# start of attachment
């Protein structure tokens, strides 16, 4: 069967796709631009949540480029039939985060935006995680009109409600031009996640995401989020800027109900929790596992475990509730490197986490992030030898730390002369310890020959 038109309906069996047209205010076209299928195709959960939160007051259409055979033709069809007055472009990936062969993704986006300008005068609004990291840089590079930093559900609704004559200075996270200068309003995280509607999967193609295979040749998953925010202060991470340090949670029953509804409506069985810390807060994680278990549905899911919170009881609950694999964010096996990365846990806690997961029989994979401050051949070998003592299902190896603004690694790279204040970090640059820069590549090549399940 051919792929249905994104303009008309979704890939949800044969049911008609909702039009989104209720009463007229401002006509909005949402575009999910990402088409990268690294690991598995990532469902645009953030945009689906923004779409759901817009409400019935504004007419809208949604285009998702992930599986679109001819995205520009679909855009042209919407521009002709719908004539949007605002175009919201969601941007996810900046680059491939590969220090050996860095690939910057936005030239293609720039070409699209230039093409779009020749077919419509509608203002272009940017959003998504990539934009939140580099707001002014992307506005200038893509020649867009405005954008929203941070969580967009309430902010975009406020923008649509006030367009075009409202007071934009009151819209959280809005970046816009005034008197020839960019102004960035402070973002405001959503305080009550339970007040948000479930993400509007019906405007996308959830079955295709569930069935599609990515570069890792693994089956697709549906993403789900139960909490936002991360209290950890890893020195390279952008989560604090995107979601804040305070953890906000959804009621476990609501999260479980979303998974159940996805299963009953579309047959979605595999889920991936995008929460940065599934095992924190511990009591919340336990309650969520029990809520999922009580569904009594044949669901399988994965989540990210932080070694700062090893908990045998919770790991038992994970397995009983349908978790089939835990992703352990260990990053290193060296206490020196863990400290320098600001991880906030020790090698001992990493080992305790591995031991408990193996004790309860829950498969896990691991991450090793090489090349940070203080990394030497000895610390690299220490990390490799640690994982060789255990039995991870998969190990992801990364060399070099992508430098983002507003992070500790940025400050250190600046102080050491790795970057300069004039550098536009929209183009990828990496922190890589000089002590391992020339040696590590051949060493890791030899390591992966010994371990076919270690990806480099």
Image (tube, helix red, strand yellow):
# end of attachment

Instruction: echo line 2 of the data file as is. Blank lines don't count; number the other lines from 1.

Image (tube, helix red, strand yellow):